Masters of Monetary Policy

Pity the poor English. Here’s the latest:

LONDON – Prime Minister David Cameron ’s coalition government received a body blow on Tuesday after official figures showed that Britain’s economy shrank by half a percent in the last three months of 2010.

The figures on the economy’s performance from October to December are subject to revision as the data are refined in coming weeks. But the message to the Cameron government seemed clear: Its policies of steep spending cuts and tax increases, Europe’s most ambitious austerity program, faced, at a stroke, a sharply heightened political vulnerability.

The decline came after four consecutive quarters of economic growth. Spokesmen for the opposition Labour Party and trade union officials seized on the new figures, saying they showed the government had lost its gamble that it could impose the tough austerity measures and still keep the economy growing.

The government responded by blaming the snow blizzards that hit Britain last month, the country’s coldest December in 100 years, and saying it would “not be blown off course by bad weather.”

The government blames the weather. Analysts blame the conservative government’s austerity measures. They’re both wrong.

The weather had some effect. But not enough to take a full percentage point off GDP. (The difference between expectations and the actual result.) Cuts in government spending, meanwhile, should reduce GDP – at first. But the cuts haven’t even begun yet. It’s not the weather. It’s not the government. It’s the Great Correction, doing its job.

In the minds of most economists, any slowdown, whatever the cause, is bad news. They think economies have to run hot all the time in order to provide “growth,” jobs and profits. Here at The Daily Reckoning we take a different view. Sometimes economies need to take a rest. They need to check the map. Just racing along is not necessarily a good thing. They need to be sure they’re headed in the right direction.

But there’s the problem, right there. London has the same knuckleheads in the drivers’ seat as Washington. Mervyn King, England’s answer to Ben Bernanke, said that since he and his colleagues took over, “there has not been a single quarter of negative growth.” But that speech was made in 2007. To what did he attribute this grand performance? In a more recent speech, he explained that since “monetary policy is a flexible instrument that can be changed in either direction each month, it is the best tool for managing the economy in the short run.”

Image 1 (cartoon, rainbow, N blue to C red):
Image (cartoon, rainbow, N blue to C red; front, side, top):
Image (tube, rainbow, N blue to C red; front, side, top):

Well, the bank of Mervyn King and the bank of Ben Bernanke are on the same page. Neither government can use fiscal policy – both are out of money. But they still have monetary policy…or to be more exact, they still have the printing press.

So, they push down on the accelerator…and head for a ditch.

And here’s an item that helps us understand better how the zombie state works. The New York Times reports:

Mortgage Giants Leave Legal Bills to the Taxpayers

Since the government took over Fannie Mae and Freddie Mac, taxpayers have spent more than $160 million defending the mortgage finance companies and their former top executives in civil lawsuits accusing them of fraud. The cost was a closely guarded secret until last week, when the companies and their regulator produced an accounting at the request of Congress.

The bulk of those expenditures – $132 million – went to defend Fannie Mae and its officials in various securities suits and government investigations into accounting irregularities that occurred years before the subprime lending crisis erupted. The legal payments show no sign of abating.

Documents reviewed by The New York Times indicate that taxpayers have paid $24.2 million to law firms defending three of Fannie’s former top executives: Franklin D. Raines, its former chief executive; Timothy Howard, its former chief financial officer; and Leanne Spencer, the former controller.

See how the zombies do it? The mortgage companies collude with the Fed (artificially low rates) and Congress (deductibility of interest payments, implied federal backing of Fannie and Freddie) to stick Americans with trillions in mortgage debt. Then, when the bubble blows, the feds take over Fannie and Freddie, adding $5 trillion to America’s national debt. And the taxpayers get to pay the legal bills too.

What’s not to like? The lawyers are happy. The feds are happy. Fannie and Freddie’s bondholders are happy.

All the insiders are happy.

It’s just the outsiders – the poor schmucks who haven’t figured out how to get on the gravy train – who aren’t happy. And who cares about them?


Bill Bonner
for The Daily Reckoning